In a move guaranteed to enter the history books in entertainment for 2013, Rob Thomas, creator of the cult-classic television show Veronica Mars, surprised fans with an idea for a cinematic continuation of the long-cancelled series. What made it worth noticing, regardless of one’s opinion for the show, was the method in which it was funded: with a script in hand and a cast ready to block out time for a theoretical production, Thomas got Warner Bros.’ blessing to approach fans to fund the project via crowd-funding site Kickstarter; the goal of $2 million was shattered in under 12 hours, giving the team another 29 days to rake in additional cash from the series’ loyal fans.
Discussing the genesis of the idea on the project’s page, Thomas cited the successful deluxe reissue of Cotton Mather’s underrated power-pop gem Kontiki as one of his influences to fund the film through fan efforts. This, of course, brings up the question: can this model work in the world of catalogue music?
A common and worthy criticism of putting the Kickstarter model on a pedestal for musicians is simple: these models are facilitated with the help of the entertainment business’ traditional label/studio establishment. Indie musician Amanda Palmer has frequently championed Kickstarter as the future of music distribution, but it’s hard to believe she wouldn’t have so much success with the site had she not been signed to a major label for several years. Even watershed moments like Radiohead’s “it’s up to you” pricing model for 2007’s In Rainbows were only possible because the band had built up a savvy fan base while signed to Parlophone/EMI during the decade prior.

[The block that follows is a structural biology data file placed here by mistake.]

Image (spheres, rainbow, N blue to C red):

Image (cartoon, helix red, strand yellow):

Of course, most of what reissue fans would want to see unearthed is in the hands of the majors, so it’s not really about sticking it to the man. What it is about is getting labels to mull the possibilities of crowd-funding and use it to their advantage. To that end, there’s a few things I’d think would be most important:
- Understand the audience. A catalogue-savvy audience is not necessarily a new-media savvy audience. The Second Disc’s web traffic has always been higher than our Facebook or Twitter traffic (though not for lack of trying!); what that likely means is that not all catalogue music fans are social media users. That means, were you to fund a reissue or box set through Kickstarter, you have to try maybe a little harder to reach the fans you want to reach.
- Understand the process. Last year’s deluxe B.B. King box set had its own PledgeMusic page. Was it cool? Absolutely. Was it clear why the project had anything to do with crowd-funding? Err…less certain. The incentives didn’t stretch further beyond a bonus Blu-Ray that was available separately before the box was made public. Something tells me the B.B. King set (either the four-disc version or maybe even the 10-disc deluxe variant) would have come out regardless of PledgeMusic’s involvement; however, the same could not be said about, say, Squeeze. Picking artists to Kickstart or Pledge to with small but savvy fan bases would actually be fun and gratifying – projects thought impossible might have a better shot at existing.
- Make it fun! With the right people on the job and projects in the works, seeing a catalogue label make the move toward crowd-funded projects could actually be a blast. Think of the incentives (credit in a box set booklet, special memorabilia) – or, more importantly, the chance to feel closer to a title by helping it come to fruition.
It may take some time to figure out if true grassroots works of art can rise up and be counted like “mainstream” projects with the help of sites like Kickstarter. But there’s no harm in thinking about mainstream projects branching out even more with the help of crowd-funding, wouldn’t you say?
What do you think? Would the Kickstarter model work for reissues and box sets? What sort of catalogue titles would you like to see on sites like those? Sound off in the comments below!